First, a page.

Filming “perp walks” not an invasion of privacy
- The U.S. Court of Appeals in New York says the public’s interest in law enforcement outweighs alleged criminals’ right to privacy.
Sep. 12, 2003 — Alleged perpetrators’ right to privacy is not violated during the videotaping of their arrest, ruled the federal appeals court in New York (2nd Cir.) on Tuesday.
On July 12, 1999, law enforcement officers videotaped the arrests of Joseph Freeman, Rocco Caldarola and James Santerello, former and current New York Department of Corrections officers, for disabilities benefits fraud. Journalists later filmed Freeman in a squad car in front of a New York courthouse and during what is commonly known as the “perp walk,” when police officers lead an accused criminal in handcuffs to a courthouse, police station or jail for the benefit of the media.
Freeman and Caldarola have since been acquitted of all charges.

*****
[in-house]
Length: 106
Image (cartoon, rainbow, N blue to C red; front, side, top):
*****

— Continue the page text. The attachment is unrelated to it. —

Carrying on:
The three men sued Westchester County, alleging that their constitutional rights were violated by the County “videotaping them post-arrest, choreographing their arrests to facilitate videotaping, distributing the videotape to the media, and advising the media of their impending ‘perp walks’ to the courthouse for arraignment.”
In March 2001, New York District Court Judge Colleen McMahon ruled in favor of the county, dismissing the argument that the corrections officers’ perp walk was a staged event.
On Tuesday, the U.S. Court of Appeals upheld that ruling, saying that while the filming of a perp walk may reflect the media’s interest in entertainment value, “perp walks also serve the more serious purpose of educating the public about law enforcement efforts . . . and it may deter others from attempting similar crimes.” Furthermore, the court stated, the filming of the officers did not fall under the category of unreasonable search and seizure.
(Freeman v. The County of Westchester; Counsel: Robert David Goodstein, Goodstein & West) — AS
© 2003 The Reporters Committee for Freedom of the Press